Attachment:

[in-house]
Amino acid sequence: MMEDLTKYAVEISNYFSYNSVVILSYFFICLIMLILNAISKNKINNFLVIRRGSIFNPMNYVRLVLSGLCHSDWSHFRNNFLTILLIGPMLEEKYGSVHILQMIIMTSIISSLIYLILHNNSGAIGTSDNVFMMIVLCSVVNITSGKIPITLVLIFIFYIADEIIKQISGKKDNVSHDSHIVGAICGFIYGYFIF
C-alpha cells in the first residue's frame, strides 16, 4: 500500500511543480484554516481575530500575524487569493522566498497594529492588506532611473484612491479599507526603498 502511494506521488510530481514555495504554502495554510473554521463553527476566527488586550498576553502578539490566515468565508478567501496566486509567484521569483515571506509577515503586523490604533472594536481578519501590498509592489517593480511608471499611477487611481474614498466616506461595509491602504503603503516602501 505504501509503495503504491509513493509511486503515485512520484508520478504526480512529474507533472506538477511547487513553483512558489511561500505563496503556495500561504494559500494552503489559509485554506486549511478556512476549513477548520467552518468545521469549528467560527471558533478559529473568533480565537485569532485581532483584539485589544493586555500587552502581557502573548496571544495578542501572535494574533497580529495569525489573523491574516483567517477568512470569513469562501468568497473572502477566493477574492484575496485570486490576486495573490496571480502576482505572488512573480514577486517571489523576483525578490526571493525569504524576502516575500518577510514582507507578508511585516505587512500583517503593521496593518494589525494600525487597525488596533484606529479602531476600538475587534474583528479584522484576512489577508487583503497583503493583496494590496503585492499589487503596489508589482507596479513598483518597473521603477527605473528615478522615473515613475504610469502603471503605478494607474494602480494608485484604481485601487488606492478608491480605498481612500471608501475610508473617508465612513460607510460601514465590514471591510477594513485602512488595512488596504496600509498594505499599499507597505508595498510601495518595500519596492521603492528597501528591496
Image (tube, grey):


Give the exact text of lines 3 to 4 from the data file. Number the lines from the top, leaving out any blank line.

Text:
C-alpha cells in the first residue's frame, strides 16, 4: 500500500511543480484554516481575530500575524487569493522566498497594529492588506532611473484612491479599507526603498 502511494506521488510530481514555495504554502495554510473554521463553527476566527488586550498576553502578539490566515468565508478567501496566486509567484521569483515571506509577515503586523490604533472594536481578519501590498509592489517593480511608471499611477487611481474614498466616506461595509491602504503603503516602501 505504501509503495503504491509513493509511486503515485512520484508520478504526480512529474507533472506538477511547487513553483512558489511561500505563496503556495500561504494559500494552503489559509485554506486549511478556512476549513477548520467552518468545521469549528467560527471558533478559529473568533480565537485569532485581532483584539485589544493586555500587552502581557502573548496571544495578542501572535494574533497580529495569525489573523491574516483567517477568512470569513469562501468568497473572502477566493477574492484575496485570486490576486495573490496571480502576482505572488512573480514577486517571489523576483525578490526571493525569504524576502516575500518577510514582507507578508511585516505587512500583517503593521496593518494589525494600525487597525488596533484606529479602531476600538475587534474583528479584522484576512489577508487583503497583503493583496494590496503585492499589487503596489508589482507596479513598483518597473521603477527605473528615478522615473515613475504610469502603471503605478494607474494602480494608485484604481485601487488606492478608491480605498481612500471608501475610508473617508465612513460607510460601514465590514471591510477594513485602512488595512488596504496600509498594505499599499507597505508595498510601495518595500519596492521603492528597501528591496
Image (tube, grey):